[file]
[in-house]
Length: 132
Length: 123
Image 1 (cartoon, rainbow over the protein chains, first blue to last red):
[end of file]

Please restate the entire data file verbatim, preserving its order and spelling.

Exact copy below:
[in-house]
Length: 132
Length: 123
Image 1 (cartoon, rainbow over the protein chains, first blue to last red):